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Palm Oil has seen increasing demand in Europe over the last twenty years. It is needed in food preparation to supplement insufficient local production of oils and fats. Nett imports of oils and fats by the EU amount to 8 to 10 million tonnes per year making up one third of annual consumption and most of these imports are made up of palm oil.

In recent years, the Europeans have been fed with misinformation through negative campaigns by environmental NGOs.  Most customers of palm oil are secretly praying that  the current controversy over this popular  commodity will be resolved soon. They want to continue concentrating on their core business of producing products where palm oil is a desirable component because of its superior techno-economic attributes. They need palm oil to enable them to make profitable and affordable products for the depressed European economy.

Palm oil is also needed to produce healthy products efficiently without containing dangerous trans fats which are produced if locally available oils are used and turned into solid products through the hydrogenation process. Typically, manufacturers in Europe have perfected the interesterification technique where palm oil can be combined with local oils to make margarine, shortening or bakery fats, bypassing the hydrogenation process which produces the undesirable and unhealthy trans fats. Trans fats are the most unhealthy among all fats as they increase the bad LDL cholesterol and reduce the good HDL cholesterol.

Alternative processes in avoiding trans-fats are expensive and also possibly unhealthy. Lard and tallow can be processed for making margarine and shortening but these are animal fats  loaded with unhealthy cholesterol and are also in short supply. They are non acceptable to certain users religious-wise. Fish oil used to be a major feedstock for margarine but supply has been affected due to a decline in it’s availability. Furthermore, fish oil when hydrogenated will also produce the unhealthy trans fats. Without palm oil most manufacturing industries will face great difficulty to formulate and produce economical, functional and nutritionally acceptable products, especially in making  solid fats like margarine and shortenings .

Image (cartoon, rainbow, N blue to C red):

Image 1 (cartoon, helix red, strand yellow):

There may be  strong views that locally produced oils will be more desirable for use in the EU market. These oils, namely soyabean, rapeseed and sunflowerseed oils, are often marketed as high in polyunsaturated fatty acids which help lower  cholesterol. The problem is that the EU is not self-sufficient in oils and fats, and it has no sources of solid fats other than animal fats like lard and tallow. Furthermore, soya, rapeseed and sunflowerseed oils are liquid, and cannot be used to manufacture solid fat products without adding a solid fat component. This means manufacturers cannot  produce solid fat products efficiently without palm oil, and cannot have enough stable frying oils  without resorting to using palm oil or partially hydrogenated soft oils. In short, without palm oil many factories have to stop producing margarine, shortenings, confectioneries and fast food products.

The assumption that palm oil is high in saturated fat and could be undesirable is often used by anti palm oil campaigners to suggest putting a limit on palm oil utilization as recently proposed by a couple of Belgium Senators. Such assumptions are not supported by science. Although palm oil has 50 % saturated fatty acids as opposed to 15 % for olive oil, palm oil contains  a high amount of monounsaturated fatty acids , similar to olive oil, which gives olive oil its good health  image. While the fear of saturated fats is based on their potential in raising dietary cholesterol, palm oil, despite its 50% saturated level does not raise cholesterol as shown in many studies . Instead, it has been shown that a palm oil diet helps reduce cholesterol compared to fats consumed in a western diet. The western dietary fats comprise of  mainly animal fats and some soft oils. Subjects on a traditional western diet  given food with palm oil, replacing the traditional oils,  show lower cholesterol levels at the end of the test period. Additionally, the cholesterol response of palm oil and olive oil diets are similar, indicating again that the level of  saturated fats in palm oil are  irrelevant when comparing the cholesterol effects.